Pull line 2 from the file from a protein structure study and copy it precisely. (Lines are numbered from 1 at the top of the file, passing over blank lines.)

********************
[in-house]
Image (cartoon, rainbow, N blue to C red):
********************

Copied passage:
Image (cartoon, rainbow, N blue to C red):